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What is Endoscopic Submucosal Dissection (ESD)?

Endoscopic submucosal dissection is an advanced surgical procedure performed with the help of an endoscope, a flexible tube-like device with a light source and camera, to remove gastrointestinal tumors that are underneath the mucosal layer but have not entered the muscle layer. ESD procedures may be conducted in the esophagus, stomach, or colon.

Indication for Endoscopic Submucosal Dissection

Some of the indications for endoscopic submucosal dissection include:

  • Barrett’s esophagus
  • Early-stage colon polyps or cancerous tumors
  • Premalignant and early-stage malignant lesions of the stomach, colorectum, or esophagus

Preparation for Endoscopic Submucosal Dissection

  • You should inform your doctor of any medications, vitamins, or supplements that you are taking.
  • Inform your doctor if you are allergic to any medication or anesthesia.
  • Follow a liquid diet plus a laxative or enema in order to cleanse the bowel.
  • Avoid food and drink for several hours before the procedure.
  • Arrange for someone to drive you back home after the procedure.

Endoscopic Submucosal Dissection Procedure

  • The procedure is performed under general anesthesia.
  • The doctor will insert an endoscope into your mouth or anus depending on the location of the tumor. The endoscope will provide internal images which can be viewed on a screen.
  • A special stain or dye will be used to highlight the cancerous regions to segregate them from healthy tissues.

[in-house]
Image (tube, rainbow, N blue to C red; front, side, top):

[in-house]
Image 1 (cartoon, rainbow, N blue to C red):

• The layer beneath the mucosa (submucosa) will be injected with a solution to lift it away from the muscle wall. This is done to minimize the damage to the surrounding tissue layers during the procedure.
  • An electrosurgical knife with a high-frequency electrical current will be used to remove the tumor tissue from the gastrointestinal wall. The electric current helps to stop any active bleeding.
  • The tissue will be removed from the body through the endoscope.

Postoperative Care after Endoscopic Submucosal Dissection

After the procedure, you will need to spend a few hours in the recovery room under observation. The procedure can be conducted as an outpatient treatment. You can drink again after the numbness in your throat goes away. You can resume eating the next day following the surgery.

Risks and Complications of Endoscopic Submucosal Dissection

Some of the risks and complications for endoscopic submucosal dissection include:

  • Sore throat
  • Nausea or vomiting
  • Excessive gas, bloating, or cramping
  • Bleeding
  • Esophageal stricture
  • Tearing of the esophagus or stomach

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